You never get a second chance to make a first impression. With online dating, doubly so.
Today’s online dating swipe left/swipe right platforms depend upon the photos, even more so than old school apps. We decide at first glance if there’s a possibility.
Fellow SWExpert and professional photographer Laura Gub has some pointers for making sure you put your best foot forward when it comes to online dating.
“When online dating, most of us resume to snaps taken by mates, crops of a larger photo from a party, or our own snaps down with our mobiles. Quick and painless,” she says. “Of course, we see ourselves in a three-dimensional way. We mentally add the missing content. But, all the viewer can see is an us that’s half a shadow or worse, some other person’s golden locks, half ear, decorating the edges of the photo, part of the arm still lingering around our neck.”
Laura notes that daters may hide behind sunglasses in order to come across as easy going and casual or even quirky but “truth is, at the end of the day, this really isn’t Facebook. We would not think of trying to get a job posing in our swimming trunks unless it’s part of the job description. So why do we think we can draw attention with a blur? We all know that the quality of that one portrait is crucial to being noticed by a potential love interest.”
What should get our focus?
Colours: Tones should be balanced, showing the real you with a bit of glamour that can be achieved with light.
Lighting: Ideally, your photo should be taken during the day, as evening shots require using a flash that can wash out your face. An overly sunny day, however, can cause you to squint.
Shadow: Avoid too much shadowing. However, the right shadow may give your face character and edge.
B & W Photos: Look back to the heartthrobs of Hollywood’s Golden Era. Remember the black and white films? The men were handsome and dashing. Women were beautiful and glamourous. Black and white brings the features into focus and makes your photos stand out from the crowd. Make sure that the photo has the right contrast.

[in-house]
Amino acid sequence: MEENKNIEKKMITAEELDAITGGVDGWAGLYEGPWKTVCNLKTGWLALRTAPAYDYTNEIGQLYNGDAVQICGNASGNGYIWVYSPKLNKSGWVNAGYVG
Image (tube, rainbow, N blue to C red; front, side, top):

Contrast: A clear photo with sharp contrasts is better than a grey blur. If you’re blond, make sure you can still be seen and don’t appear dark-haired.
Eyes: The most important element is the eyes. Look into the camera to draw attention to yourself. Your eyes can start conversations. Your gaze should not come across as a stare.
Smile: We all know how to say, “Cheese!” in front of the camera to avoid forced grins and quivering lips. A smile should not be overdone but rather a ray of sunshine that gently removed tension and brings light to our eyes. Relax your facial muscles and shake your head a bit. Think of a happy memory while acknowledging the presence of the camera without appearing too dreamy or spaced out.
Angle: For most of us, a straight-on Passport photo highlights our imperfections. Shooting at an angle brings out our finest qualities but may not be ideal for the main photo if our face ends up in the corner of an expansive background with our top of head or chin cut off!
Cropping: Our eyes tend to focus on the middle of the photo; everything else becomes peripheral. Avoid cropping a group photo. You can have nature in the background but make sure you are in focus!
There’s a fine balance between too few photos or too many. Some albums contain everything we fancy, our pets, vacation photos. Or there we are in an embrace with a young hot friend. Posting one photo suggests a lack of involvement or confidence but an entire album suggests an over-eagerness and can be a turnoff. If your album features too many photos of travel abroad or partying with friends, daters might think there’s no room for anyone new!
On average about 5 photos should do the trick and it is recommended to update, change a couple of them at least on a monthly basis, to come up in new searches.
Should you hire a professional photographer?
Laura says, “Regarding professional shots, I suggest to specifically look for dating photographers (a new and emerging trend) as generally all professional photographers have a defined style and a specialty (portrait, wedding, child, family, landscape photography, etc.), and all would not be suitable to shoot dating photos.
For a glance at what makes dating photography different from other types, visit Laura’s website at www.mydatingphotos.com.
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